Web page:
The European Journal of Humour Research

Vol 9, No 2 (2021)

“Jonah’s gourd” and its early Byzantine interpretations

Dmitry Kurdybaylo, Inga Kurdybaylo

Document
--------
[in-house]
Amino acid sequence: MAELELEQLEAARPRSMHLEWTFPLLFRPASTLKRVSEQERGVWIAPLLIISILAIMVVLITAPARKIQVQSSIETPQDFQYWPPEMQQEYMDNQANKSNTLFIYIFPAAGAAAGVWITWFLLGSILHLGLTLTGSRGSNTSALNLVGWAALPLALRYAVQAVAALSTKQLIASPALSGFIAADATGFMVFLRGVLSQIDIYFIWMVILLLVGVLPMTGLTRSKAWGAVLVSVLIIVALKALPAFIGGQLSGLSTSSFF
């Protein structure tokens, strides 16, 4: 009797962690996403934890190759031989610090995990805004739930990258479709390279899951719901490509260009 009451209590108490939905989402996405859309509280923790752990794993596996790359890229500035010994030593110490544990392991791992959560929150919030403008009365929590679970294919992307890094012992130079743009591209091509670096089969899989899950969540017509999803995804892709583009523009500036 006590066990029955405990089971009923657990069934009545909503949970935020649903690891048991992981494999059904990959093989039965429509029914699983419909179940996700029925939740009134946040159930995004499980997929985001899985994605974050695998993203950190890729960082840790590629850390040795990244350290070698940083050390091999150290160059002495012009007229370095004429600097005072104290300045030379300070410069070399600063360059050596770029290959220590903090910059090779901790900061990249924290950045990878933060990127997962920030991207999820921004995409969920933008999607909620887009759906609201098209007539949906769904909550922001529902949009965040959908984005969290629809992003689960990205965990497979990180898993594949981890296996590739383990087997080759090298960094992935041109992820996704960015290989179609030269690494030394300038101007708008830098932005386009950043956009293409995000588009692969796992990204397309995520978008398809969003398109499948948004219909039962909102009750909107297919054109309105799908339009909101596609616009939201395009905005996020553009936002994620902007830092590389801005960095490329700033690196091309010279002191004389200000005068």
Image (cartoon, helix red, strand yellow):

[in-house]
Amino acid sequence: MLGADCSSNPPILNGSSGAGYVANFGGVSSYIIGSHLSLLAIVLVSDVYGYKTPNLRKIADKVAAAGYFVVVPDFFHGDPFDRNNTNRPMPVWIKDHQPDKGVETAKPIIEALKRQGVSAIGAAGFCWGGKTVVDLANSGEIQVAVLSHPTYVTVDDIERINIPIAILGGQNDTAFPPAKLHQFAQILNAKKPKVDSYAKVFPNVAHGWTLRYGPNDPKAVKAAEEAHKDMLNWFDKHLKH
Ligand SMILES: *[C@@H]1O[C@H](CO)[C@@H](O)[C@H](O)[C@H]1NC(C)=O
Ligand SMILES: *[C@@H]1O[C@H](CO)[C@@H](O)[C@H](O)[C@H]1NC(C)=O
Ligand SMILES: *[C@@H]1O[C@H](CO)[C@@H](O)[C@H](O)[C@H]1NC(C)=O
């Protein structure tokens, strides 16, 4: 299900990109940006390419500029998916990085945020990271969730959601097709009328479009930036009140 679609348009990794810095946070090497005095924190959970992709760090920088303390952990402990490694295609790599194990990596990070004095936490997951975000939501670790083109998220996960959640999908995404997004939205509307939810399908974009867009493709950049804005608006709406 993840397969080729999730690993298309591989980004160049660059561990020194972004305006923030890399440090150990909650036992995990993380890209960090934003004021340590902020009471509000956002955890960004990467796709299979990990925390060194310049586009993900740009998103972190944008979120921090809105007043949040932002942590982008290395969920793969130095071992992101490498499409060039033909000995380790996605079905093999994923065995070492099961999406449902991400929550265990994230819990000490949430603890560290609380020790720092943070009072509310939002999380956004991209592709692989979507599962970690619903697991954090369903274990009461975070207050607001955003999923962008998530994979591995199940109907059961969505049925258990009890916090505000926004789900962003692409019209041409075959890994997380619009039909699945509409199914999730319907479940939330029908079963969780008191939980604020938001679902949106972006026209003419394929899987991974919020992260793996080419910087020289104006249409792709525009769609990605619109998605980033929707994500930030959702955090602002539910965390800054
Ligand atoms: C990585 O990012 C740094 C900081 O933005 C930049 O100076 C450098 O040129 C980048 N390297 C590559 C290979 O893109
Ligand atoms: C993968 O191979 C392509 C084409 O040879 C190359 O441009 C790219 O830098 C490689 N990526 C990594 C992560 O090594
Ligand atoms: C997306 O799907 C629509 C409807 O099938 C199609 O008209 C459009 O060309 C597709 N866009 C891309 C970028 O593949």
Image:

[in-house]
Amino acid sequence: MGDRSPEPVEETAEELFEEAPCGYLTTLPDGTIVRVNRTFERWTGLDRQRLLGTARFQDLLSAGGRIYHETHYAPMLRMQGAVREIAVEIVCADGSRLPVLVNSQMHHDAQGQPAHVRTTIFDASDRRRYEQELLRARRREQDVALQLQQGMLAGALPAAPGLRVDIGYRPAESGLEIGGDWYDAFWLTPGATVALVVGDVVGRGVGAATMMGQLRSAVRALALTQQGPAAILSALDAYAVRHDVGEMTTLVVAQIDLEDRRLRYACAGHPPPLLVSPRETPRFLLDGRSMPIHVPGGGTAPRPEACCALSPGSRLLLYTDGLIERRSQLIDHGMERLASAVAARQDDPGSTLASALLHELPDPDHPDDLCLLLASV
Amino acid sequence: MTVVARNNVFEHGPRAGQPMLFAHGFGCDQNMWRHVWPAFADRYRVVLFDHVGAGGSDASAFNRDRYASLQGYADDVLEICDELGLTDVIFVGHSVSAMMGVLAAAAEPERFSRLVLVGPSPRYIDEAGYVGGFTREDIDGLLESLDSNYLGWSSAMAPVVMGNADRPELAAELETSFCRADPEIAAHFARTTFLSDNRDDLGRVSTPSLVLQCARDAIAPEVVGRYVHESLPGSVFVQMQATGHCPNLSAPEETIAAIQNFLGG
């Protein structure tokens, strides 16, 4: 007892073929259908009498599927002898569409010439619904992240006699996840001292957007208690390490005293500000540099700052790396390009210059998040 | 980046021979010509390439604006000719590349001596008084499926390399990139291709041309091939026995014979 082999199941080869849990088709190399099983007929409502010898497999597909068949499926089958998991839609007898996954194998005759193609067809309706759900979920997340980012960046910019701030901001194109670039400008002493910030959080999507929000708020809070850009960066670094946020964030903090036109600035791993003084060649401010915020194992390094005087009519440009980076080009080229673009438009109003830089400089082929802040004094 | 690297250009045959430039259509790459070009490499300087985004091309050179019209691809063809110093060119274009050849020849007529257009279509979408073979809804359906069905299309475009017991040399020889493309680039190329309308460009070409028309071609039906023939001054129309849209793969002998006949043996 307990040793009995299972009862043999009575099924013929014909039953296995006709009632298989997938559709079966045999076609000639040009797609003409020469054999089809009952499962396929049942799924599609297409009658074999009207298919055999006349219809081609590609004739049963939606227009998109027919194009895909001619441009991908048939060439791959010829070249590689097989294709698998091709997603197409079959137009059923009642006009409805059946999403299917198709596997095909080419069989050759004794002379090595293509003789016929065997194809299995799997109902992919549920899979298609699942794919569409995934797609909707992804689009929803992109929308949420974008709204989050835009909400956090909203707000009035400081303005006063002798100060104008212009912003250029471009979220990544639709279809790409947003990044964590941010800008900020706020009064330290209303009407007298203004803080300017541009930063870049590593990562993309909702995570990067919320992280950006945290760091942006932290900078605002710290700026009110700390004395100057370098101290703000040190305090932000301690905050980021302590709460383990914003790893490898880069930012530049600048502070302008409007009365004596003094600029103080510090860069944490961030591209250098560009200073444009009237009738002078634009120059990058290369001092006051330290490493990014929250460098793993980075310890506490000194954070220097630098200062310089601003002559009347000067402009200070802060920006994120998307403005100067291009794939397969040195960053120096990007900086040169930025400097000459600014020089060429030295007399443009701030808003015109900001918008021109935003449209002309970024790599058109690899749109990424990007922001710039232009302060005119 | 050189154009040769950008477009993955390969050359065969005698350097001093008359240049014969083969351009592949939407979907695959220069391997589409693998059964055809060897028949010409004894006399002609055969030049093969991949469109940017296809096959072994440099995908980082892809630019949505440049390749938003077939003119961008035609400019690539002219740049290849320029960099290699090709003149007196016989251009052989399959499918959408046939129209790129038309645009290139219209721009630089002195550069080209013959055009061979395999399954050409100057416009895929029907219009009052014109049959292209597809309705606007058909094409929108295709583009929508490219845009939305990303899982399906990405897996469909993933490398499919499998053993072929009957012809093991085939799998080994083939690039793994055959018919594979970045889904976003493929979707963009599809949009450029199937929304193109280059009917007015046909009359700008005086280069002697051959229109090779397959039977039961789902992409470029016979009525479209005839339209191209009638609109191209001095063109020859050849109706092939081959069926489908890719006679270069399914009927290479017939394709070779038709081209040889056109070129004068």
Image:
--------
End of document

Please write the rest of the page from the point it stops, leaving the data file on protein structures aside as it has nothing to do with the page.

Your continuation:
Many modern scholars consider the Old Testament book of Jonah being written in a boldly parodic manner. The narrative engages many details that sound humorous for a modern reader. However, from the standpoint of late Antique and early medieval patristic exegesis, it is often unclear whether Byzantine interpreters perceived such passages laughable or at least inappropriate for a prophetic writing. This study presents a few examples of early Byzantine commentaries to the episode with Jonah and a gourd (Jonah 4:6–11). None of the commentaries expresses any explicit amusement caused by the discussed text. However, the style, method, or context of each commentary appears to be passing the traditional bounds of Bible interpretation. The earlier interpreters adhere to the most expected moral reading of Jonah 4, but they use epithets, metaphors, or omissions, which produce the effect of paradox comparable to the biblical wording itself. The later commentaries tend to involve unexpected and even provocative senses. In such interpretations, God can be thought of as being able to play with a human or even to fool and deceive. What seems us humorous in the Bible, Byzantine commentators take primarily as a paradox, which they did not explain or remove but elaborate further paradoxically. The later an interpreter is, the bolder his paradoxical approach appears. The results of the study provide some clues to understanding how the interpretation of humorous, parodic, or ironical passages were developing in the history of Byzantine intellectual culture.



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